On a beautiful Sunday morning, Doreen said she wanted to cycle something “special.” So we headed a little south and I introduced her to the fabulous Lacets (hairpins) de Montvernier.
Dating from 1934, this fun little road features 18 hairpins in quick succession to climb up to Montvernier. It is impossible to photograph all the hairpins while cycling it. But it is a blast to ride.
But a few years back I found a trail (see map below) across a field to a cliff look out that scares the hell out of me. But one can see the entire road. Doreen took this photo while I pretended not to be scared.
It’s less than 3 kilometres up Les Lacets to Montvernier, so it doesn’t take long. I had to explain to my brave wife that we were going to keep going higher up to Col du Chaussy.
Chaussy is a pretty big climb with more than 1000 metres of elevation gain. From Montvernier if you look up you can just make out the road carved into the cliff high above. Fun.
Note, from Col du Chaussy one can descend the other side briefly, then take an unbelievable unpaved route to Col de la Madeleine. See here for details. The profile above includes this road.
Hard work, but we made it to the cliffs:
After the Cliff stretch there is a still more work to do. The last couple of kilometres climb up an alpine meadow to the sounds of hundreds of baaaahing sheep. But the views are terrific.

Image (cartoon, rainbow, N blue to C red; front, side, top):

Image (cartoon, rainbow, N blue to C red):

Happiness is a Col sign photo with my favourite person.
Note, we descended a slightly different road from Montvernier. Very scenic, it crosses Col du Ventour and passes a nice old castle ruin.
Some of the most beautiful hairpins anywhere, a great cliff road, and my brave wife. A winning combination.
Quiet / No Traffic
Omg, that was so scenic and so hard. How will I manage Sella Ronda?!? Thanks for all the encouragement along the way. D xx
Thanks for the great article. I’ve looked up at that cliff a few times while driving northbound from St Jean de Maurienne and always wondered if it’s an accessible road or not. So I’ll definitely try it next time I’m down that way, although it’s usually because I’ve driven down to Maurienne to park the car and ride the Galibier/Croix de Fer loop, after which I’m quite fed up with climbing ! But my desire to check out amazing hairpins must be fulfilled !
If you’re climbing either Glandon or Croix de Fer and then descending the other as a loop, why not just add the Lacets when completing the loop down low (connecting La Chambre and St-Jean-de-Maurienne). The Lacets don’t take long but are fun. a+
Looks absolutely beautiful.
Pingback: 100 Cycling Climbs Better Than Alpe d’Huez
I did this on the Friday just gone and you never cease to please me. An amazing ride. Caution at the beginning as you get a bit excited riding the Lacets and I must admit it took the breath out of me for the next couple of km’s. Still, all worth it. As you said the ride isn’t an easy one and my wife was going to meet me at the top, but got scared off by the tight road and overhang. This road isn’t for the faint hearted.
Love you posts and they certainly inspire me to keep climbing
Vaughan, well done.
Ha, yes, it’s a huge ride and les lacets are only a tiny, if fun, portion of of it.
My wife and I did this ride again the other day from La Chambre. Always one of our favorites, Will, both with and without that wonderful back way up the Madeleine (depending on energy and ambition!). I came across two cars and no motorcycles all the way up the Chaussy. Aaaaahhhhh . . . .